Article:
Which brings us to why Lewis might’ve called his book DC-town & Flash Boys. The exploitation of speedy small orders goes back to 1988. In the wake of the 1987 crash, volumes dropped because people feared markets. The NASD (FINRA today) created the Small Order Execution System (SOES – pronounced “soze”) both to give small investors a chance to trade 100 shares electronically, and to stimulate volume. Banditry blossomed. Professionals with computers began trading in wee increments. Volume returned. The little guy? Hm.

Regulators have always wanted to give the little guy opportunity to execute orders like the big guys. It’s admirable. It’s also impossible. Purchasing power is king. Attempt to make $1 and $1,000 equal in how trades execute, and what will happen is the big guys will shift to doing things $1 at a time. The little guy will still lose out but now your market is mayhem confusing busy with productive.

These benighted gaffes seem eerily to originate in Washington DC. Michael Lewis says big banks, high-speed traders and exchanges have rigged markets. We agree these three set prices for everybody. But they’re following the rules. (more…)

The Dark Exchange

I’m reminded of a joke (groans).

A man is sent to prison. As he settles into his captive routine he’s struck by a midafternoon affair among his jailed fellows. One would shout out, “Number 4!” The others would laugh.

His cellmate, seeing the newbie’s consternation, explained: “We’ve been here so long we’ve numbered the jokes instead of saying the whole thing. Here, you try. Number 7 is a really funny one.”

“What, just shout it?”

“Yeah, exactly.”

“Number 7!”

Silence.

The cellmate shook his head. He said, “Some people just can’t tell a joke.”

Speaking of numbered jokes, the NYSE filed with regulators to offer new order types – regulated ways to trade stocks – designed to attract large institutional orders now flowing to “dark pools,” or marketplaces operated by brokers where prices aren’t displayed. The exchange has long battled rules in markets that promote trading in dark pools, arguing that these shadowy elements of the national market system inhibit price-discovery.

Let’s translate to English. The NYSE is a big stock supermarket with aisles carrying the products your equity shopper needs, where prices and amounts for sale are clearly displayed. Across the parking lot there’s an unmarked warehouse, pitch black inside, with doors at both ends.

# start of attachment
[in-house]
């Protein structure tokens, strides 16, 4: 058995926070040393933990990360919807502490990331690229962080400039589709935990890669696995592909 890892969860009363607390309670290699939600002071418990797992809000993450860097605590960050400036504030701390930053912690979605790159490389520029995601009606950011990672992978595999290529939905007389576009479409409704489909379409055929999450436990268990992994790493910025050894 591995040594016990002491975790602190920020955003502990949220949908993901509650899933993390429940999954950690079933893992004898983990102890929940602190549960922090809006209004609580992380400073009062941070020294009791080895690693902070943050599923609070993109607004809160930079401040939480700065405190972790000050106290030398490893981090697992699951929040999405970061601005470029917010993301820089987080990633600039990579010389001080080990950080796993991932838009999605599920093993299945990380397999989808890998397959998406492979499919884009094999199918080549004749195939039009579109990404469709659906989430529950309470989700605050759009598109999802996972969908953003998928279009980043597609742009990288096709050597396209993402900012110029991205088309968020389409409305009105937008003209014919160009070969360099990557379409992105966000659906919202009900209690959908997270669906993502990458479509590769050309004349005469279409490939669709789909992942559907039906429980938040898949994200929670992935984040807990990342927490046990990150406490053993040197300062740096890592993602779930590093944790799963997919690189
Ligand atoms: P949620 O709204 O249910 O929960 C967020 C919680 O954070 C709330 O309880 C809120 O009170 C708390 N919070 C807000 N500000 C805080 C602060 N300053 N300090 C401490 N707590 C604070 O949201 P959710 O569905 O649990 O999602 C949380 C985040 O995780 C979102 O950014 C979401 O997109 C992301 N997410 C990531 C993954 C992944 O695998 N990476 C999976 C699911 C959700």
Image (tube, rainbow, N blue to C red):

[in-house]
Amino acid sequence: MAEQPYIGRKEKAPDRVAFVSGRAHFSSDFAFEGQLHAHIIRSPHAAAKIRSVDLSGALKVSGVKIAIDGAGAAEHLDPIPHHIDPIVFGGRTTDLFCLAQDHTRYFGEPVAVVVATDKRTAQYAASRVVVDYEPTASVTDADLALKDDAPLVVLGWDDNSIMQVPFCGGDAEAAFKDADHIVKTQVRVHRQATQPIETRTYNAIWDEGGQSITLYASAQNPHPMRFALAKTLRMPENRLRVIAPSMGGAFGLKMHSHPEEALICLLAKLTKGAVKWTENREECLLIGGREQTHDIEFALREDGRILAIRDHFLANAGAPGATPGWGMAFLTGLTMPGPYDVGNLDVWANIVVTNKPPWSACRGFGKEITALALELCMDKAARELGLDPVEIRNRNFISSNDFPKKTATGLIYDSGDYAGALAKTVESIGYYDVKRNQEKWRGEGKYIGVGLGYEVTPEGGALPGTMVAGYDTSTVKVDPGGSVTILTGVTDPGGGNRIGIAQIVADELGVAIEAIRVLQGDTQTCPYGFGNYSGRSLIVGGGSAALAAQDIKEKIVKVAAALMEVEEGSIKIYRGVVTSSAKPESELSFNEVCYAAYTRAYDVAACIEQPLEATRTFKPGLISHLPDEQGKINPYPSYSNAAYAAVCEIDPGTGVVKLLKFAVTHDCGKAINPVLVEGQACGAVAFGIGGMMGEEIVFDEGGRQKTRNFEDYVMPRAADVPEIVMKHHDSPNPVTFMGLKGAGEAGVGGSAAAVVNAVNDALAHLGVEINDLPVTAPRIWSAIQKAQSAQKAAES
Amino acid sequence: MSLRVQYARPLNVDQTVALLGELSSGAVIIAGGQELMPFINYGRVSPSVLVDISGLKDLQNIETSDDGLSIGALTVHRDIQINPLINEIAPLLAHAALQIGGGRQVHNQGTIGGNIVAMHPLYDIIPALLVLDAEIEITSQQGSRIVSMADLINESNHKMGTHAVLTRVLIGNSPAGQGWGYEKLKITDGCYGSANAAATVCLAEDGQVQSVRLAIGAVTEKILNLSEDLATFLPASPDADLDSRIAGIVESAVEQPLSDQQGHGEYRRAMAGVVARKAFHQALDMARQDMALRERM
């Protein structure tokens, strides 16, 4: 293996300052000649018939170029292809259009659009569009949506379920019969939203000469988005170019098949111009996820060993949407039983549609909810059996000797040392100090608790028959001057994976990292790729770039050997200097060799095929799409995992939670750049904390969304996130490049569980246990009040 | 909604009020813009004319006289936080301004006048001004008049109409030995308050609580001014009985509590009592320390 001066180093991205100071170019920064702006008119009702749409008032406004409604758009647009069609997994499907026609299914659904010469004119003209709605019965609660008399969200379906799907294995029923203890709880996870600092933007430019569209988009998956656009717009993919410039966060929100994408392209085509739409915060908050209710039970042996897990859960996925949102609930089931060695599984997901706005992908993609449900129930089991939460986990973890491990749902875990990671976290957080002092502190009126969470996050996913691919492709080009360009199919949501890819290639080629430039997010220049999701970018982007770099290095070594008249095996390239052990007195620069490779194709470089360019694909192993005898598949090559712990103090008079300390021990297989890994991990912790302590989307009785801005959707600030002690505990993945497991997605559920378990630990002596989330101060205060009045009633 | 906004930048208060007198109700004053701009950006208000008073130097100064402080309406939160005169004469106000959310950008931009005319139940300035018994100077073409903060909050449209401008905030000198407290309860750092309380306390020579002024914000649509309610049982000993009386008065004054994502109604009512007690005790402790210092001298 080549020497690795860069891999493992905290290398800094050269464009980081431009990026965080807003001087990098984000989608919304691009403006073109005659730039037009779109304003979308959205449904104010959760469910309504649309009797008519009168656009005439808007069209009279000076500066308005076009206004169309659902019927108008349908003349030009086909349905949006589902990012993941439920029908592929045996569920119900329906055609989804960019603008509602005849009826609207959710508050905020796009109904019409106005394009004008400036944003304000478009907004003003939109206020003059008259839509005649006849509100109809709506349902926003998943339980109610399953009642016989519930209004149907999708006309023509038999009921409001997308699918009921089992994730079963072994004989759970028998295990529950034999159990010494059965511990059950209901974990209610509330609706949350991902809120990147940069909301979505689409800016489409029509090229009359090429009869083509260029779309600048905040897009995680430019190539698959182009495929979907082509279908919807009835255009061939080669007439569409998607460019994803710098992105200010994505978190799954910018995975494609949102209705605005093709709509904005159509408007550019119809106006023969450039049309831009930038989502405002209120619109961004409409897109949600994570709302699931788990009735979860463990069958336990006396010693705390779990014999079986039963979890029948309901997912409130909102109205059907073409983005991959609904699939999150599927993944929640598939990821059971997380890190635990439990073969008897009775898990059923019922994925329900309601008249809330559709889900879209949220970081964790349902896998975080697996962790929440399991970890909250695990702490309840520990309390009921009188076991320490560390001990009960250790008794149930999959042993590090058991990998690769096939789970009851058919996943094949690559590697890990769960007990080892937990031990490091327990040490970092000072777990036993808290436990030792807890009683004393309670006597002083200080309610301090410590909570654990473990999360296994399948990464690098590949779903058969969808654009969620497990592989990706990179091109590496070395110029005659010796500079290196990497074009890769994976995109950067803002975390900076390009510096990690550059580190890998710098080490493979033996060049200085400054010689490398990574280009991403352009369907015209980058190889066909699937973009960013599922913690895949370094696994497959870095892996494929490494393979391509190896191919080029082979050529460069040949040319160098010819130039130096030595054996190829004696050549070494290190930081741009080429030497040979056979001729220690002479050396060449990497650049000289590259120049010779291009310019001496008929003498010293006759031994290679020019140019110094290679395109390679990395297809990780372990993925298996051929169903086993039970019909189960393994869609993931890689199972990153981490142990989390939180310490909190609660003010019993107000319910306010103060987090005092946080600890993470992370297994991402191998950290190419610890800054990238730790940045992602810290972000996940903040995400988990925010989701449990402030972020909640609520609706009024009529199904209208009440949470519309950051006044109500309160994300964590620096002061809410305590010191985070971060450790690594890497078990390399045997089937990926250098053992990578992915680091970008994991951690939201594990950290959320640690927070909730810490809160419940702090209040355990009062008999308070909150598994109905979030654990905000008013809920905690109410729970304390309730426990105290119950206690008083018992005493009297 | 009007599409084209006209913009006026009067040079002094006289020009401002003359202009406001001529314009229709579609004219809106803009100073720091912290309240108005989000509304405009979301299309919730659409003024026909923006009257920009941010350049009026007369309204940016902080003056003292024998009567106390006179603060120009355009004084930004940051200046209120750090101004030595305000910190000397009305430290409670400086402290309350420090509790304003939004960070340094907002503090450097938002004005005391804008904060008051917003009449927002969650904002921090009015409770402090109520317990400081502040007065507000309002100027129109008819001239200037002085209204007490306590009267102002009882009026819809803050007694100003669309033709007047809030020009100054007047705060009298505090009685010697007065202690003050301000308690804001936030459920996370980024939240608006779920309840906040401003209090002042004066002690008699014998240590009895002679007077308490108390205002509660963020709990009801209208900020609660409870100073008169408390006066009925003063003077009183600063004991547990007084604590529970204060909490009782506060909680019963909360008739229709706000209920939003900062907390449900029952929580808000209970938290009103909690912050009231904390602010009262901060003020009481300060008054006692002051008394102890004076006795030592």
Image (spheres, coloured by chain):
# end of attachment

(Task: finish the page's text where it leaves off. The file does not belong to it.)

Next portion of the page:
You can duck into the supermarket and check prices and supplies for particular products, and then hurry over to the warehouse and run through it holding out your hands. You might emerge with the products you wanted at prices matching those in the supermarket. (more…)

Knight Time

Some were forced to do it themselves.

In the wake of Knight Capital’s technology glitch – if you missed it, a linchpin in trading markets was nearly undone Aug 1 by faulty trading software – some brokers who normally route order flow to Knight for handling had to execute their own trades.

They’re not as good at it. No question. But a curious thing happened. We observed a measurable increase in share of market for rational money. More volume acted like rational investment the days following.

Why? How? Today, money often puts compliance before investment considerations. Say you’re a mid-tier broker-dealer whose client is a small Midwest municipal pension fund. The fund puts a modest percentage of resources into a trading portfolio and directs trades to you because your firm’s president golfs Fridays with the mayor.

Before we continue, breaking news: I’m in New Orleans next week to sit down with JOE SALUZZI, co-author of Broken Markets, for a candid chat on what ails markets today. I’m also moderating a wild brawl of a panel discussion on the hot topics in IR today. If you’re not in the Big Easy next week, well…you’re not where you should be.